The new book released by a journalist reveals the scheme by the Trump siblings for selling units in the new luxury condominium hotel in New York. The new book explored the 'hows' on the Trump empire. The SoHo building which was dropped in 2011 was surrounded by several criminal investigations. The book obtained by a popular news agency said that it re-examined the episode and issues surrounding the building.
Andrea Bernstein in her book American Oligarchs: The Kushners, The Trumps And The Marriage Of Money And Power, explored the questions that have surrounded the criminal investigation behind the Manhattan building.
From the first preview in 2006 to Trump Jr claims
The Trump SoHo was first previewed in 2006 in his reality TV show called The Apprentice. But, the sales of the $370 million building were disappointing. Felix Sater, Trump's partner seemed to have a criminal past which came in between the sales of the units.
According to a report in the New York Times, by the start of 2009 only 15 to 30 percent of the units were sold. The previous year Ivanka had claimed in an interview with Reuters that around 60 percent of the units were sold. But the data filed with the federal and state agencies indicated differently.
In April 2009, Donald Trump Jr claimed that around 55 percent of the units were sold. The inflated claims by the Trump siblings led the buyers to sue Trump. The deceiving nature of the case was questioned by the Manhattan district attorney's office as a criminal offence where they conducted interviews and issuing subpoenas.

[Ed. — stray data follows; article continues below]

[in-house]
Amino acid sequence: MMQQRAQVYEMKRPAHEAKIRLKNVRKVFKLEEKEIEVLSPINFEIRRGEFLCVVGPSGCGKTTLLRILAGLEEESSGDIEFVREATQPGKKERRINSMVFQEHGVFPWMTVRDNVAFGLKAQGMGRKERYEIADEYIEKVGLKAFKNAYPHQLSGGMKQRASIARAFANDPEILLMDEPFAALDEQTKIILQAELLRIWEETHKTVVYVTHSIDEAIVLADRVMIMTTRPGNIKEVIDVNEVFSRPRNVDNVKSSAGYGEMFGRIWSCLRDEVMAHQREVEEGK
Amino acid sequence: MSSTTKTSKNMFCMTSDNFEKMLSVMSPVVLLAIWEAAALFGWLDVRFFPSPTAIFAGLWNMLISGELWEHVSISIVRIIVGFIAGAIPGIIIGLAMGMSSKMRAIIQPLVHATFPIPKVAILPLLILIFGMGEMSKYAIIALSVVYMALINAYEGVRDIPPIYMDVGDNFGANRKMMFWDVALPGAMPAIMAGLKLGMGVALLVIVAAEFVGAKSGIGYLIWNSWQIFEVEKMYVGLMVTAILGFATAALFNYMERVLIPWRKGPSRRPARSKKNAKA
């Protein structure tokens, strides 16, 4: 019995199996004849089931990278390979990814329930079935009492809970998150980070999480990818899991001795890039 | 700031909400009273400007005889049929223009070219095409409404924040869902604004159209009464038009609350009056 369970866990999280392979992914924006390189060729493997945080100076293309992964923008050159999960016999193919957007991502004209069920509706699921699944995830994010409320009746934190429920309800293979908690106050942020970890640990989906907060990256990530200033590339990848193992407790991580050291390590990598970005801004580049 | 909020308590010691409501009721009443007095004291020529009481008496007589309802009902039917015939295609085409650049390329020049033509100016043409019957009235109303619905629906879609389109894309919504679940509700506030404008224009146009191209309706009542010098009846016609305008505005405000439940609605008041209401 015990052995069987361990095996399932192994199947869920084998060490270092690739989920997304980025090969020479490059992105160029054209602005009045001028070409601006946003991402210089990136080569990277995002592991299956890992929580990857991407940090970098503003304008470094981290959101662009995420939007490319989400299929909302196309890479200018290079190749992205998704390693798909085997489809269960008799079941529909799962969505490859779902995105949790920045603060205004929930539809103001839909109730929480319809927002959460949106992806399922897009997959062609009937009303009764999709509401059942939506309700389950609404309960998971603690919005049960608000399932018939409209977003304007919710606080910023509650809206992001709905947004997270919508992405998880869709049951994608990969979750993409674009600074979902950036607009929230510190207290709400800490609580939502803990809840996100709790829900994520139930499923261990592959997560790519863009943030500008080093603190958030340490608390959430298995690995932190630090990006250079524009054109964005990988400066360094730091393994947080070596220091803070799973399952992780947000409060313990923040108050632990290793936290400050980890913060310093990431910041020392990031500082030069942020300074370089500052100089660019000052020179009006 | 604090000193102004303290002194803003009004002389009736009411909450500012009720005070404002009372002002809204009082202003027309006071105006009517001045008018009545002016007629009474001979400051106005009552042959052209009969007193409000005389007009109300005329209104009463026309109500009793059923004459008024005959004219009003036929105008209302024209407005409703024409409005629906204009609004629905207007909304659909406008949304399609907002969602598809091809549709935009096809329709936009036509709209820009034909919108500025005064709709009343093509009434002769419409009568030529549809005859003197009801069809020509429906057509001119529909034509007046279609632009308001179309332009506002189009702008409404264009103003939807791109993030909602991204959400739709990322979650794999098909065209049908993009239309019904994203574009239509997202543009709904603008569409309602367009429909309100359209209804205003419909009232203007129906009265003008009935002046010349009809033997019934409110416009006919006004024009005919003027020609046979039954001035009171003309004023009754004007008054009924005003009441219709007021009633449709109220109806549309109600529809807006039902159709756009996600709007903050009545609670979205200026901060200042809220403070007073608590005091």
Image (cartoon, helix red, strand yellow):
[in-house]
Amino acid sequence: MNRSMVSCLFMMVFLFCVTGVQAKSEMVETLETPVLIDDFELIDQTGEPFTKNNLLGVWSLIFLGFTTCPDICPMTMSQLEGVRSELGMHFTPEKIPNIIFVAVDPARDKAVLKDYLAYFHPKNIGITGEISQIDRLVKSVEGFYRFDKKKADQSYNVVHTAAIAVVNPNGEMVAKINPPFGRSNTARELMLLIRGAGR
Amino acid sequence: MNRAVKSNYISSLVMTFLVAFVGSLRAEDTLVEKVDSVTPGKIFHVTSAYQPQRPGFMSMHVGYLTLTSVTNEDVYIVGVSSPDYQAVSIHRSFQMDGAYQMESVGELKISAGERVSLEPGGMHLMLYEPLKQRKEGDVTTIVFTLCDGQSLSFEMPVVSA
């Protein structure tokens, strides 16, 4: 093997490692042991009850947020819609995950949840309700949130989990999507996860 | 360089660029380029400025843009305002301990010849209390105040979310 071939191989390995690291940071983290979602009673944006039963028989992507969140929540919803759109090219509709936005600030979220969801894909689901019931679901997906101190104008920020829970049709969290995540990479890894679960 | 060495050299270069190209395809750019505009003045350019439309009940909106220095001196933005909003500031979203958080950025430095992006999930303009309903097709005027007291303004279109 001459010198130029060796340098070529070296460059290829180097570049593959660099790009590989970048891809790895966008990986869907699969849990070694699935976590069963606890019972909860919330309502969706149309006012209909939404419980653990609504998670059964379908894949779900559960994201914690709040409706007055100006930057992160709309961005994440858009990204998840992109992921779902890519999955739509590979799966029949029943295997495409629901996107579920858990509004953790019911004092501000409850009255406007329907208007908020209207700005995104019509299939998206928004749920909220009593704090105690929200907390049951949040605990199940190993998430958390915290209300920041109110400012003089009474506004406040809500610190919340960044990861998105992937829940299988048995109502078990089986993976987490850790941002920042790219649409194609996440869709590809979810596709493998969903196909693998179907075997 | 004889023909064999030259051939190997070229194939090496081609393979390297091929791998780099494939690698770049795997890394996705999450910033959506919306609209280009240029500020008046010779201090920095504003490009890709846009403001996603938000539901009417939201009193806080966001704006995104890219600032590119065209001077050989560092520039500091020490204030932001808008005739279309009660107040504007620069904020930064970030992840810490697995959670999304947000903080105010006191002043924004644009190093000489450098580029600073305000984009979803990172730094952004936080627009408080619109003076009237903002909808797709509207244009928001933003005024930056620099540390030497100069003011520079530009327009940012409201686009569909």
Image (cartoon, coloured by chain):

Author explored darker side of the case
The author explored the darker side of the case through her book published by the Guardian. She says that the Trumps left a trail behind them through their emails which was first published by ProPublica in 2017. It explored the scheme constructed by Ivanka and Donald Jr to deceive the buyers by talking about inflated numbers to sell the condo.
Later after the Trump Presidency began and the SoHo building was re-branded as Dominick, the sales were saved. The victims were afraid to say that they were cheated by the business, which led the prosecutors to later drop the case. The book explores the contours of Jared Kushner's family tree and history which marked him as a citizen of the US.